Guam Power Authority: No More Hikes Till February 2014

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Customers assured increases due to coping with rising costs

By Michelle Conerly

HAGÅTÑA, Guam (Pacific Daily News, Oct. 2, 2013) – The cost of power increased yesterday, but the Guam Power Authority (GPA) anticipates no other increases or changes until next February, when fuel-cost adjustments are considered.

Power bills yesterday increased by about 1.9 percent for the average residential customer because of money borrowed by the power agency.

That's an increase of $8 to $9 on the total bill for customers who use 1,000 kilowatt-hours a month.

The rate increase, dubbed the "final phase of (the) multiyear rate plan" by Guam Power Authority General Manager Joaquin Flores, was driven by debt-service requirements associated with the agency's 2010 bond issuance, Flores said.

He assured ratepayers that the increase wasn't due to lost revenue, but instead the trend "is one that every utility in the United States, whether public or private, faces as the industry changes with rising costs."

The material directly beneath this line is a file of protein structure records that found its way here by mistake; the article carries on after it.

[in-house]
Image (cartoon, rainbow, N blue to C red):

"GPA has taken extraordinary steps to mitigate the impact of the proposed increase by utilizing short-term financing to spread these costs over a number of years," Flores said.

Flores said that the most recent increase will help enable GPA to meet the island's power needs while the agency continues to seek other ways to minimize rates over the long term.

"The authority believes it is operating at the most efficient level possible, given the revenue stream available," Flores said.


Ratepayers might get some price relief in the near future, however, if the power agency decides to eliminate the working capital fund surcharge from monthly power bills.

The surcharge helps the power agency build a rainy day fund for emergencies.

Art Perez, Guam Power Authority spokesman, said the surcharge, which is a fraction of residents' power bills, is necessary so GPA can continue to provide service to residents, even if the utility is unable to collect revenue.

But since there hasn't been a large disaster -- such as a typhoon -- in about a decade, Perez said, the working capital fund is close to being fully funded, which means it could be taken off resident's power bills.

The fund amounts to about a month's worth of operations, or one-twelfth of power agency's annual fuel shipment and operating expenses.

Perez yesterday was unable to provide details about how much money is needed to fully fund the working capital fund or exactly when he expects it to reach that cap.

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